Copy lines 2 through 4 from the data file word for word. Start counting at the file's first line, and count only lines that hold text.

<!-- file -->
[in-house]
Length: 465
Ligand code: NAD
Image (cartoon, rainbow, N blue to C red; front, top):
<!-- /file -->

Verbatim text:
Length: 465
Ligand code: NAD
Image (cartoon, rainbow, N blue to C red; front, top):